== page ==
Northern Woodlands / Winter 2016 47
n the middle of a frozen New Hampshire
night in January 2015, Geoff Schwaner was
in Hubbard Brook Experimental Forest,
standing on the back of a UTV and spraying
water 100 feet up into the air with a fire hose.
The water came back down in a fine, frozen
mist, attaching itself to trees at the instant
of contact and coating them thickly with ice. At
first, the branches clinked together ethereally,
then, as more and more ice accumulated, they
bent, snapped, and loudly broke, crashing to the
forest floor below. Some trees were wrenched
from the frozen ground entirely, their root systems unable to support the added weight.
Schwaner is the field coordinator for an elaborate experiment designed to study the effects of
ice storms, awesomely destructive yet strangely beautiful weather events with which most
Northeasterners are all too familiar. The storms
are caused by clouds of damp, warmer air moving over a ground layer of frozen air: as rain
droplets fall from the warmer layer into the colder one, they supercool – that is, they dip below
their freezing point without crystallizing – but
do not freeze until they make contact with a solid
object, like a tree branch. Once that freezing process begins, however, new water molecules bond
rapidly with the growing encasements of ice, and
entire sections of forest can be thickly and dangerously glazed in not much time at all.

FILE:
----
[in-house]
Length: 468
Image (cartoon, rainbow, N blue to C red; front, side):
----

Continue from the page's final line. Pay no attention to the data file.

In North America, ice storms typically wreak
havoc in a belt stretching from Texas to southern
New England, but climate-change science suggests that as the planet warms, the particular
atmospheric conditions necessary for the deadly
storms will become more common across a
broader and more northerly geographic range.
What’s even more alarming is how little we still
know about the ecological impact of ice events.
“No long-term ecological study of ice storms has
ever been conducted,” said Lindsey Rustad, one
of the experiment’s investigators. “We know from
the literature that they are very likely to become
more frequent and more severe, and yet there is
hardly any quantified record of their effects on
the edge of a northern hardwood forest.”
WANT A SNEAK PEAK
By Ben Cosgrove
An “ice storm” comes to Hubbard Brook Experimental Forest.